• Yes, fear for one’s immortal soul colors much of Christianity. However, eschatology has not always had the desired effect on human behavior. Focusing on the four final events of death, judgment, the promise of heaven or the threat of hell has not resulted in good rather than evil throughout humanity’s history. And the willingness to jeopardize our eternal destination by sinning is equaled by our inability to question theological inconsistency. Scholars performed contortions of theodicy trying to justify the Almighty’s attributes of justice and mercy in the face of all the suffering in the world. Naturally, they did not take animal suffering into account. So reason, as well as justice and mercy, stops at the species barrier.

      One thing religion has shown is Homo sapiens’ unlimited tolerance for cognitive dissonance as long as it is called “faith.” The answer to all the imponderables can always come down to Original Sin, which seems to satisfy the believers. Of course, animals are incapable of sin, which makes heretics and apostates of the rest of us.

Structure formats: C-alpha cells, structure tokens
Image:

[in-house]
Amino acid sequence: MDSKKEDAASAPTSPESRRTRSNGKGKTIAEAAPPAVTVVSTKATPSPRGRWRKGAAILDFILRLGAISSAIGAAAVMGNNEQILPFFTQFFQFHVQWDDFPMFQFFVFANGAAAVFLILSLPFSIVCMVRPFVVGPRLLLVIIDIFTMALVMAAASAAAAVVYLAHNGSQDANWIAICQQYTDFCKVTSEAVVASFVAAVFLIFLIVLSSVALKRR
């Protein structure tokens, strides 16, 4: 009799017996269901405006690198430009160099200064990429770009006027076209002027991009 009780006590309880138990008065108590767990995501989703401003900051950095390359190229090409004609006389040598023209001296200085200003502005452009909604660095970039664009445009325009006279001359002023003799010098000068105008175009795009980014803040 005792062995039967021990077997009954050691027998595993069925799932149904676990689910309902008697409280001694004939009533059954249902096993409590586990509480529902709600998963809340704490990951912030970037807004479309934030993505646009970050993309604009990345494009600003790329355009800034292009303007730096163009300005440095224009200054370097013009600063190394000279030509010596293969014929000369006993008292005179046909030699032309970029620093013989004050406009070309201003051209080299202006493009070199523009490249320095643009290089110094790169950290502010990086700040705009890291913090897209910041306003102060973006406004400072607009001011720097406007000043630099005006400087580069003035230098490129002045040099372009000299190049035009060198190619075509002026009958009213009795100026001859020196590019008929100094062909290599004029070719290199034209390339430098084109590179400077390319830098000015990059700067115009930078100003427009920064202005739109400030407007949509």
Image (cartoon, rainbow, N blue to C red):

Liked by 2 people

  2. Spot-on analysis of why organized religions in the West appear to be totally indifferent to animal suffering. Echoes John Vyvyan’s devastating critique of Christianity’s response to vivisection in his books “In Pity and in Anger” and “The Dark Face of Science”.

    Liked by 3 people

  3. The Bible was written to contain some historical events and put the fear in ppl. that there is a “God” they must serve if they want to go to heaven when they die…….seems to be working…though the “God” they mention doesn’t exist…

    Liked by 3 people